How Greece Impacts the U.S.

Analysts believe that for the beginning of the week, U.S. stocks will follow European stocks downward in price. The major indices are already pointing downward, and the big culprit is the Greece debate. In a “last ditch” effort for resolution over the weekend, no agreement could be made between Greece and its debtors, indicating that the European economy is about to be shaken up.

Why are U.S. stocks getting prepared to follow suit, though? How does the debate currently going on in Brussels affect Wall Street? Let’s break it down a little and see how it affects U.S. based traders.

First, if Greece defaults on its debt to the IMF, the impact goes well beyond just the European Union. The banks and organizations that are affected by this extend out of Greece, throughout Europe and Asia, and into the United States, to a degree. Second, and while the EU will be hit the hardest, there will also be a trickle down effect on the banks outside. When these banks are impacted, the economy as a whole becomes affected, too. And with the Federal Reserve considering rate hikes in the next few months, there is a strong possibility that this will weigh into their decision. The Fed’s primary goal is to regulate the U.S. dollar and economy, but when an event like this has such a strong sway on other currencies, it’s impossible for the dollar not to be swayed too. That’s the nature of how currencies interact with each other.

They need MoneyIn other words, U.S. stocks might not even have any business interest in Greece, or the EU as a whole, but the way that the international economy works simply does not protect them from actions in this part of the world. However, the euro/U.S. dollar currency pair will not reflect this as much because the Forex market has a relational value. The euro will become weaker compared to the dollar, even if the dollar is weakened, too. This will be reflected by the euro going down and the dollar going up. For those with an interest in Forex trading, new chances to make money will be popping up throughout the rest of the Greece debt crisis.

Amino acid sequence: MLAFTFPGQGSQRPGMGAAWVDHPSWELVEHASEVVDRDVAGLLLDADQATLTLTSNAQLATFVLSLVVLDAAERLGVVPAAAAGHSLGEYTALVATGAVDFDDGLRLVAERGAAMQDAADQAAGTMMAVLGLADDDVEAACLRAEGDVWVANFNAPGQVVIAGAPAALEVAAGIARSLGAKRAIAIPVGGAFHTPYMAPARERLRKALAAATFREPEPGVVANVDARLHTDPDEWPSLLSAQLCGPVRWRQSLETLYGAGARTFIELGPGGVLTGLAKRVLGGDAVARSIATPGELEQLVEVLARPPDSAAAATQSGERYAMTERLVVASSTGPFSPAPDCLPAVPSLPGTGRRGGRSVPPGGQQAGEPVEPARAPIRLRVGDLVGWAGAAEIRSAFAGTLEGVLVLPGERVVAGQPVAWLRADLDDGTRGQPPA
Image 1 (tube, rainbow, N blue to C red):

The good news for traders is that these trick down actions can be very predictable. By watching the European market beforehand, we know that the U.S. market is going to drop as indicated by the major indices like the Dow Jones and the S&P 500. We know that this is going to largely be reactionary at first, so by watching the data as it progresses, we can get a good idea of when these indices will begin to right themselves back up to where they should be. So, by adopting a strategy of buying inverse ETFs, or by positioning ourselves with put binary options focused on the Dow and S&P, we can get ready for a drop in price. Both of these can be used over the short term, too, which allows us to safely exit positions and get ready to go long once the markets correct themselves from the kneejerk reaction. You can sell your inverse ETFs off and buy traditional ETFs, or you can let your put binary options expire and start going with call options. As long as you are thoroughly familiar with the type of trading that you will be using and the nuances contained within it, there are lots of opportunities to take advantage of the markets when clear data like this exists and gives us an accurate prediction of what the next several days will be like.